A new Health Policy Brief from Health Affairs and the Robert Wood Johnson Foundation looks at a section of the Affordable Care Act (ACA), known as the Physician Payments Sunshine Act (PPSA). The PPSA
spells out how medical product manufacturers are required to disclose to the Centers for Medicare and Medicaid Services (CMS) any payments or other transfers of value made to physicians or teaching hospitals as well as physician ownership or investment interests in certain manufacturers or group-purchasing organizations. These data, which have been collected since August 2013, were published for the first time earlier this week in a publicly searchable database and will be updated annually. There is a long history of financial relationships between physicians and medical product manufacturers, which can include anything from free meals to consulting, speaker fees, and direct research funding. This health policy brief looks at the PPSA and its impact on physician-manufacturer relationships.
Topics covered in this brief include:
- What's the background? Over the past few years there has been a growing awareness among researchers and policy makers of the ways that physician-industry relationships can bias physician decision making, encourage inappropriate prescribing that drives up health costs, and undermine the independence and rigor of clinical research. A 2009 nationwide survey, published in the Archives of Internal Medicine, showed that nearly 84 percent of US physicians had some form of financial interaction with manufacturers of drugs, devices, biologicals, and medical supplies. In the past few years, at least five states have passed sunshine laws, and reports from the Medicare Payment Advisory Commission and the Institute of Medicine called for the establishment of a standardized, nationwide, mandatory public reporting program. After congressional efforts to create such a system failed to pass in 2007, its provisions were amended and incorporated as section 6002 of the ACA.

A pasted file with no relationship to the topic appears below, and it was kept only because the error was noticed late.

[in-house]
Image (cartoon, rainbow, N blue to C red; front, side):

- What's the debate? As the brief explains, most of the debate surrounding the implementation of the PPSA centers around two general issues: the administrative and legal challenges of establishing a nationwide public reporting system; and how reporting will ultimately impact patient, provider, and industry behavior. Physician and industry representatives have expressed concerns about how patients will interpret the information--and some physicians have argued that the threshold for determining "appropriate" physician-industry interaction is not always easy to establish and may vary by practice specialty. The effects of reporting on industry practice are also unclear. Some note that manufacturers have already begun moving away from traditional physician-marketing approaches, such as the increased use of direct-to-consumer advertising and reliance on medical scientific liaisons as well as increased marketing to payers. Taken together, these broader changes have the potential of partly undermining the goals of the PPSA, by encouraging the substitution of one form of undue influence for another.
- What's next? Most of the data collected in the first reporting period were published in September 2014. As much as one-third of the reported data was withheld because of alleged inaccuracies, with these administrative issues still to be resolved. The full effects of the PPSA will likely not be felt for several years, by the industry, physicians, or the public. Most agree that simple disclosure is not sufficient to address financial conflicts of interest--and that more work is required to ensure that financial conflicts of interest are monitored and regulated appropriately.
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